In a city that is rushing head first into the 21st century, it’s refreshing to see an old building re-purposed rather than demolished. The building that houses Hong Kong’s stunning new hotel, The Murray, has been a landmark in the heart of the city since 1969.
Home to government offices for nearly half a century, this icon of modernist architecture has borne witness to the transformation of the city’s skyline and identity from a British colony to a Special Administrative Region of China.
Designed by British architect Ron Phillips, The Murray was a striking building from the start, with recessed windows oriented to allow abundant daylight without direct heat from the morning sun. This architectural feature won awards for its ground-breaking and energy-efficient design, remarkable for a building of its era.
In 2013, the Hong Kong Government introduced an initiative to conserve the heritage of Central Hong Kong, and The Murray was one of the properties slated for redevelopment. The transformation of a former police headquarters compound into a world-class heritage and arts hub is another success story under the same initiative.
That project, now known as Tai Kwun – Centre for Heritage and Arts, opened a few months ago and is within walking distance of The Murray. We visited it during our stay at The Murray and found enough to keep us occupied there for hours (including a very cool bar in the old jail cells).
But back to the Murray Hotel, part of the Wharf Group’s luxury hotel brand, Niccolo Hotels. On winning the government tender, the Wharf Group mandated renowned architectural design and engineering firm, Foster + Partners, to convert the Murray Building into a 25-storey, 336-room luxury hotel.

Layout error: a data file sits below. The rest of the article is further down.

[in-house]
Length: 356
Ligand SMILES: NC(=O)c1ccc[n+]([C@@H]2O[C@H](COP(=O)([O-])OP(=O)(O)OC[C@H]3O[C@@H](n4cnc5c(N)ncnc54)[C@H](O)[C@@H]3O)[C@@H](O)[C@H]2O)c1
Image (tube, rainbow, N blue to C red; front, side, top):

As part of the deal, they had to retain the external walls and features, including the building’s signature lower arches and a graceful old tree that stands near the entrance. This “Old and Valuable Tree” even has a beer named after it – a beer that is brewed especially for the hotel and which we had the privilege of tasting in the hotel’s very cool rooftop bar.
Many of the building’s interesting lines and angles were dictated by its original design – the lofty ceiling of the light-filled lobby, for example, has an intriguing slope – because it was formerly a ramp of the office carpark. It creates a dramatic sense of arrival that carries through to the restaurants on the Garden Level.
Ron Phillips couldn’t be more pleased with the building’s salvation and transformation, by all accounts. The now 90-year-old architect and his family were the hotel’s first guests and I’m told that he nearly cried on seeing how it had been brought back to life. “To see my original design being fully preserved … is most rewarding and something I could never have imagined,” he said.
Standing prominently between Garden Road and Cotton Tree Drive in the heart of Hong Kong, the hotel offers some of the city’s most memorable dining and hospitality experiences, making it a drawcard for people working in the Central Financial District. The five elegant dining destinations include a glamorous rooftop restaurant and bar, Popinjays, with panoramic views.
We enjoyed cocktails and tapas here, along with half a dozen Gillardeau oysters, the “Rolls Royce” of oysters from France (definitely amongst the plumpest, most flavoursome we’ve ever tasted). With fun and lively artworks on the walls, gorgeous fresh flowers and lots of colour, the ambience is cosmopolitan and vibrant, and it’s a great spot to sit and watch the city come to life by night. There’s also another bar, Murray Lane, adjacent to the lobby.